The San Diego County Water Authority (SDCWA) held a public hearing on the draft environmental Mitigated Negative Declaration (MND) for the Moosa Canyon erosion control project, and the Feb. 23 hearing during the meeting of the SDCWA’s Water Planning Committee did not produce any opposition to the draft MND.
“It’s always good when there is little or no public comment, (because) that generally means that bases got covered, and we worked hard to do that,” said Water Planning Committee chair David Cherashore, who is one of the City of San Diego’s representatives on the CWA board.
The CWA’s Second Aqueduct includes Pipelines 3, 4, and 5. The pipelines transport water through steep terrain and cross under Camino Del Rey in Bonsall. Moosa Creek is a riparian environment with dense vegetation, and in 2013 CWA staff observed that a portion of Pipeline 4 was exposed in Moosa Creek due to creek bed erosion. The location coincides with a horizontal bend in the pipeline where the pipeline crown is visible.
The site is within Rainbow Municipal Water District boundaries.
“This is all an impact of the Highway 15 construction back in the ’80s,” said Rainbow general manager Tom Kennedy, who is also Rainbow’s representative on the CWA board. “It’s going to be an ongoing issue.”
The exposed bend in Pipeline 4 is subject to internal water force, or thrust, as the water changes direction, although a structural analysis of the internal water forces indicate that those forces are not currently a concern. The CWA is concerned that future storms could cause additional erosion and threaten the suitability of the pipelines at the creek crossing.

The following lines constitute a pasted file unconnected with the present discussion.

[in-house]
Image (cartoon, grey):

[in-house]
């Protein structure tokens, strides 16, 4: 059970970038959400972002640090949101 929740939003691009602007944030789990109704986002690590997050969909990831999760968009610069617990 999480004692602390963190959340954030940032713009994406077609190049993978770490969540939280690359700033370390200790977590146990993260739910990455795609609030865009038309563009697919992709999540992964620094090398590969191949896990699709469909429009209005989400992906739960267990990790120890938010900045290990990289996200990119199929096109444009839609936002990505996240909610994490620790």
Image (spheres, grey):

“The purpose of this structure is to dissipate the energy of the water prior to the water leaving the project site,” said CWA senior water resources specialist Don Chadwick.
During 2016 CWA staff installed interim erosion control measures to restore cover over the pipeline and stabilize the area prior to the next wet season. In June 2016 the CWA board authorized a $279,630 professional services contract with Michael Baker International, Inc., for the design of pipeline protection. That 30-month contract includes design services, bidding services, and construction phase design support services.
The MND cites less than significant impacts for all environmental categories other than riparian habitat, and a combination of on-site restoration and off-site acquisition will reduce that impact to less than significant.
The final environmental statement is expected to be certified during the CWA’s April 27 meeting. Prior to construction, the project would still require temporary right-of-way agreements, a U.S. Army Corps of Engineers letter allowing the project, and a streambed alteration agreement with the California Department of Fish and Wildlife. Once the requirements to proceed are met, the CWA will advertise the project for bid. The actual construction is expected to begin in fall 2017 and take approximately 40 workdays.